In this tutorial we are going to see how to connect a STLink v2 debugger to a Clicker 2 for STM32 enabling users to do debugging which could be very useful in development phases. A debugger is a computer program which is used to test and debug another program usually named Target.
In embedded things are slightly different since the code is executed on an external MCU and it is required an interface Computer-MCU. In this case the Target is the MCU and a debugger is composed by the ensemble of a hardware and a software tool. Nonetheless, when the majority of people is talking about debugger,they are referring only to the hardware part.
A debugger allows the connection to a Target enabling the Host to load a firmware on it managing its code execution, allowing the inspection of its registers and much more. To do this, it uses some specific commands that usually depend on the MCU architecture: this means that there are specific debuggers for specific MCUs. The STLink v2 is a low cost debugger supporting both STM32 and STM8. In what follows we are going to use OpenOCD, an open source debugging software largely used in ChibiStudio since it is a reliable solution for debugging.
The JTAG/SWD connector
Joint Test Action Group
The JTAG also know as Joint Test Action Group is an electronics industry association founded in 1985 for developing standards for on-chip instrumentation in electronic design automation as an alternative to simulation tools. Today, the JTAG is a standard used by many semiconductor chip manufacturers which have extended it with commands to provide vendor-specific features.
There are different JTAG connectors but almost everyone contains these PINs:
- TDI, or Test Data In;
- TDO, or Test Data Out;
- TCK, or Test Clock;
- TMS, or Test Mode Select;
- TRST, or Test Reset which is optional.
As example in Fig.1 we can see a ARM 20-PIN JTAG connector with the pin-map. The connector shown in figure is the same available on the STLink v2 and we are going to use it and certain PINs (the ones orange and azure) have a dual function.
ARM Serial Wire Debug
The SWD also know as Serial Wire Debug is an interface developed by ARM and is an alternative to JTAG for these packages with limited PINs. SWD uses a standard bi-directional wire protocol defined in the ARM Debug Interface v5.
SWD replaces the 5-pin JTAG port with a clock + single bi-directional data PIN having data rate up to 4 MB/s at 50 MHz. Additional features could be achieved using one more PIN named TRACESWO. On JTAG devices with SWD capability:
- TMS, is used as SWDIO;
- TCK, is used as SWCLK;
- TDO, is used as SWO.
Connecting the STLink v2
The STLink v2 supports both JTAG and SWD interfaces but STM32 uses SWD only. Let’s see how to connect the STLink to our Clicker 2 using some Dupont wires. The schematic of STLink v2 JTAG/SWD connector is shown in Fig.1. Opening the Clicker 2 For STM32 User Manual we can notice that this board uses a ARM 10 PIN JTAG Connector which is shown in Fig.2.
We just need to connect 4 wire between STLink and Clicker 2 to establish a communication. A feasible connection (STLink to Clicker) could be:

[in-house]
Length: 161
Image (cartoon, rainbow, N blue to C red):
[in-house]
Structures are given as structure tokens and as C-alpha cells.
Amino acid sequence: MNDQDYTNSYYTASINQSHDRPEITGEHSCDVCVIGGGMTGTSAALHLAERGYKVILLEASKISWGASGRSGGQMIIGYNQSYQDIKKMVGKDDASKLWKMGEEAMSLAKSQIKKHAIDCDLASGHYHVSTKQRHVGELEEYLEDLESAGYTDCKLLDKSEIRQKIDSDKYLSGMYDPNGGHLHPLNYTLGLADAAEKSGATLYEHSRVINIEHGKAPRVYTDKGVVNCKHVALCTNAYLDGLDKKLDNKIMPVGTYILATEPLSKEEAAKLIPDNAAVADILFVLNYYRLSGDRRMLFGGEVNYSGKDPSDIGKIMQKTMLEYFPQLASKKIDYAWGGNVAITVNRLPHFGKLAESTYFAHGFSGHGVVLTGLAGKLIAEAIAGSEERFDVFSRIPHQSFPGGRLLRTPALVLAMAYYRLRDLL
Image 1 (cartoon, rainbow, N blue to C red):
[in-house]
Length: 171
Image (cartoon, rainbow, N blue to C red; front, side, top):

- SWDIO, 2 to 1;
- SWCLK, 4 to 9;
- VCC, 7 to 2 ;
- GND, 9 to 4.
How to unlock and erase Flash Memory
The embedded flash memory of the STM32F4 has the Read/Write protection and it can be activated acting mainly on the FLASH_CR register. It seems like the latest version of mikroe Bootloader enables this protection so we need to variate a little bit the flash and run procedure to unlock the flash.
We will use a command prompt like MSYS2 (or even Windows CMD) and OpenOCD. Note that we already have a copy of OpenOCD inside ChibiStudio and that we have already used MSYS2 in this article.
Taking stock of the situation, we will launch OpenOCD making some additional operations and we will perform a classical Flash and Run procedure. We need for a working project for Clicker 2 and we will use that from the previous tutorial. First step would be launching the OpenOCD and we can do this directly from ChibiStudio, into the External Tools menu choosing “OpenOCD on ST-Link V2 (prompts for .cfg target configuration)” and selecting the configuration file “C:\ChibiStudio\tools\openocd\scripts\target\stm32f4x.cfg”.
At this point, keeping ChibiStudio opened, we have to launch the MSYS2 bash. We will use it to force the memory unlock launching some OpenOCD commands through Telnet (See Fig.4). First command establish a Telnet communication on the localhost on port 4444:
telnet localhost 4444
Once the communication has been established we have to issue a halt command to the Target to break the program execution.
Now we can use the official unlock procedure for STM32. Don’t worry about the command name because the flash controller is the same in both STM32F2 and STM32F4. This procedure can take some seconds and is completed only when bash replies with the sentence “stm32f2x unlocked”: be patient and wait.
stm32f2x unlock 0
Push the reset button on the board before to proceed. Now we have to rewrite the value of the FLASH_OPTCR field into the FLASH_CR register to unlock the memory. This requires a special procedure described into the STM32F4 Reference Manual. Note that these commands will not produce any output on the command line:
mww 0x40023C08 0x08192A3B; mww 0x40023C08 0x4C5D6E7F; mww 0x40023C14 0x0fffaaed
Now we can come back to ChibiStudio and perform the flash and run procedure which will be successful.
Restoring the mikroe Bootloader
To restore the mikroe Bootloader we need to download it from the mikroe website. It is included with the package of the USB HID Bootloader under the folder “firmware”. It is a simple .hex file that could be flashed using both OpenOCD or ST Link Utility.